When we wake up in the middle of the night with anxiety about a big or small problem – the disheartening state of the world, a stagnant relationship, a poor communication, an under-performing project, or a forgotten item on our grocery list – there is not too much we can do about it.
I dread this moment when I am invaded by dark thoughts and feelings. Not only can’t I sleep anymore, but I also anticipate being tired in the morning, which increases my agitation. Such a waste of precious time and energy!
Over the years, I’ve developed a new habit that has helped me recycle my insomnia, find glimpses of inner peace, and feel less tired in the morning.
My habit comes from the practice of tonglen, which in Tibetan means “sending and taking.” It is well described in Pema Chödrön’s book The Places That Scare You (p55).
I am a big fan of the Buddhist teachers Chögyam Trungpa Rimpoche and Pema Chödrön. However, I have a hard time sitting on the cushion to meditate. I haven’t entirely given up on the cushion, but tonglen in my bed is far more accessible.
In essence, tonglen refers to “being willing to take in the pain and suffering of ourselves and others and to send out happiness to us all.” You can substitute the word “happiness” with “relief” “lovingkindness” “compassion”, or anything that sounds like a good remedy for suffering.
If, for example, in regard to the news, I wake up in the middle of the night feeling anxious about the safety and well-being of my young adult daughter, I don’t try to reason with my anxiety or escape the oppression in my chest or the nausea in my guts. On the contrary, I try to stay with the anxious feeling and engage with it. It’s sometimes a slippery sensation – amplified and distorted by the depth of the night. Nevertheless, I start breathing in (inspiration) my pain – fear, panic, despair, or sadness – and breathing out (expiration) the relief – trust, openness, good will, compassion, or strength. It’s never well-formatted. My mind travels all over the place. It’s messy. Despite the disorder, I start thinking about all the parents in the world who worry about the safety of their child, or all the parents whose child has been hurt. I’m breathing in their pain as well as my own, breathing out some healing words. Strangely, I start feeling calmer and often the pick of anxiety dissipates.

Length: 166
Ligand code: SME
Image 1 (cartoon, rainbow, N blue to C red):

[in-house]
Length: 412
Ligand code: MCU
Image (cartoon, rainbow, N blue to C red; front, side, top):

I started to practice tonglen after Charlie Hebdo’s attack in Paris, in January of 2015. Living in California, I was feeling grief, powerlessness, and separation from my community in Paris. Tonglen practice brought me the sentiment of being useful and connected.
Breathing is energy, energy is power. I like to believe that with tonglen I can affect the world in the middle of the night, even in my bed.
To be clear, I don’t believe that the practice replaces daylight activism, but it provides a good training for: 1- leaning into the discomfort (as I keep preaching to my clients), and 2- concretely developing the muscle of compassion for oneself and others.
In the face of tragedies or challenges, it’s often hard in the light of our busy day-to-day life to stop and breath in our uncomfortable emotions. It’s a fortiori harder to think about sending loving-kindness to ourselves and to other people who are experiencing the same discomfort.
But in the silence and discretion of the night, there is more space to take refuge in our breast and use our insomnia to repair the broken heart of the world. And sometimes we even succeed in falling back to sleep.